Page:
An update on things around here

My apologies for the lack of posts lately. The current
fishing conditions have been less than inspiring and I’ve been
waiting until I could write something upbeat. Fishing here in
Jackson Hole is tough at best and impossible at worst. The
good news is that we seem to have finally transitioned to
some genuinely nice weather. Sunshine and temperatures in
the 70s have reminding all of us why we choose to endure 8
months of winter. The weather has also spiked snow runoff,
raising all major waterways around here to near flood

Folks have been asking when the fishing’s going to come
around and I honestly can’t say. Much depends on the weather
and how fast our huge snow pack melts. I will say that we are
at least a few weeks out before anything really starts shaping

Despite these hard conditions, I did a few fishing trips this
week. I warned folks of extremely tough conditions, explaining
that it would be damn hard to hook anything, but that if they
still wanted to get out and cast a fly rod and learn about fly
fishing, we could do morning walk in trips on a smaller stream.
Declining my offer to refund deposits, some eager folks
decided to go anyway and we ended up having some fun
mornings. More importantly, after pounding the muddy water
with big nymphs, a few cutthroat trout were landed, allowing
my clients to experience the thrill of catching a native cutthroat
trout on a fly. I’m glad everyone had fun and I give them a lot
of credit for their perseverance and determination.

Here’s David showing off a cutthroat that fell for his dead
drifted Black and Red. Not the biggest, but a fitting reward for
his casting. Nice work David!

david with trout

Back Home

Having just spent a week back east in PA enduring record heat,
crazy traffic and a funeral, I can tell you it’s great to be back in
the mountains of Wyoming. While most of my time was spent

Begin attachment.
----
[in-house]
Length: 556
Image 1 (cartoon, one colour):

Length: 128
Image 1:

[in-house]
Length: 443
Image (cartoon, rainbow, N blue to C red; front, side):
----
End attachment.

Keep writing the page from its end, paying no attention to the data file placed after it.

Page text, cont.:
attending family functions, I was able to sneak in a little fly

My friend Kurt and I chose the hottest day of the heat wave to
head up to Spring Creek, PA. Fortunately, as we worked our
way through the thick forest and into the stream, the
temperature cooled considerably. I can’t say that the fishing
was fantastic; seems we just missed the sulphur hatch. But we
were able to hook quite a few modest size brown trout on
nymphs and compra-duns. The biggest fish of the trip came in
the form of a sucker who momentarily fooled us into thinking I
had connected with one of the legendary brown trout that
Spring Creek is known for. The following morning we spent a
few hours on nearby Fishing creek. While we only managed
one trout (nice work Kurt), we left believing that with a little
more knowledge and some cooler temperatures, Fishing creek
could probably treat us right.

Overall, it was good trip. I caught some fish, eat some
cheesesteaks and spent quality time with family. And while it’s
never fun to attend a funeral, it was nice to pay respects to my
Grandma; a woman who never minced words and made the
best meatballs in the world.

Friday’s fishing

Here’s a photo from Friday’s mid-day fishing adventure. Sure
was nice to see blue sky and sunshine.

small stream

PA, here I come

Next week I’ll get to try my luck on Spring Creek, one of
Pennsylvania’s legendary trout waters. Joining me (and guiding
me to glory) will be my friend Kurt, a guy I’ve grown up with and
spent A LOT of time on the water with. Usually it’s me pointing
out fish for him, so it’ll be nice to reverse roles; especially while
fishing a PA river on a warm June evening.

I’ve only fished Spring Creek once while doing a stint at nearby
liberal arts college. We fished it on a cold fall afternoon, trying to
convince its brown trout to take our streamers. I think I caught a
fish or two, but my memory is foggy. Anyway, I’m excited to
visit it again and test its reputation. Sulfurs and caddis are being
tied and stockpiled in anticipation of a fine evening hatch, but I’m
secretly plotting to cast BIG bunny streamers once night falls.
Should be fun!